On Tuesday I attended the Scottish Parliament in Edinburgh to observe further appraisal by the Petition Committee of my request that Scotland considers introducing a statutory Sunshine Act. This post is to thank the Committee for considering the opening of a window.
This post is a pattern of images of windows that I observed as I walked from Waverley station to the Scottish Parliament. It was Alexander McCall Smith who wrote to me suggesting that I read this book:
Candia McWilliam’s book, What to look for in winter, is about her “functional blindness”. It is a book full of light:
As I arrived at Waverley Station the glass roof appeared clearer to me than ever before:
At Carubber’s Close this half-clouded window caught my eye. Carubber’s Close always turns my mind’s eye to Richard Holloway, another acclaimed Edinburgh writer. I make films (as I may have already mentioned!) and I once made a film about Richard Holloway’s wonderful narrative “leaving Alexandria”:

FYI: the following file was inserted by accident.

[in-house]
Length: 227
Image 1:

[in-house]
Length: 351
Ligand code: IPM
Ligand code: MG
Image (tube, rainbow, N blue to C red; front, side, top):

Reaching the Royal Mile. I found myself wondering (yet again) how many windows to the world do we have?
Impossible to miss, these spiked piers, similar to Roseberry, but here with a window behind reflecting the passing world in the ripple of old rolled-glass:
I always stop at the Poetry Library. Andrew Greig (another acclaimed Edinburgh writer) said “In Another Light“: “Poems appeal to the engineer in me – such great size to power output ratio, wondrous wee gleaming machines, the best of them inexhaustible.”
Opposite the poetry library we have arguably Edinburgh’s finest poet. Robert Fergusson often poked fun at establishment and medical pedagogy:
Robert Fergusson brightens my spirits. But realising my tendency to be metaphorical, I stopped to show that I had not yet been locked up!
The Scottish Parliament is a wonderful building with windows of all shapes. As I watched the Petitions Committee light came in through every shaped window.